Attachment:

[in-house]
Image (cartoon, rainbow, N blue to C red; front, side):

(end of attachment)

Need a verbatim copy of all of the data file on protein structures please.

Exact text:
[in-house]
Image (cartoon, rainbow, N blue to C red; front, side):